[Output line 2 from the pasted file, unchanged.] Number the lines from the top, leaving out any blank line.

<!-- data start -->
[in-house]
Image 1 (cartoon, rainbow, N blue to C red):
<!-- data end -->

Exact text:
Image 1 (cartoon, rainbow, N blue to C red):